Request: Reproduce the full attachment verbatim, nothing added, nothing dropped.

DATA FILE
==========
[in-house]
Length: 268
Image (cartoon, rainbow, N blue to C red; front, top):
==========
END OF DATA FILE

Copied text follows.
[in-house]
Length: 268
Image (cartoon, rainbow, N blue to C red; front, top):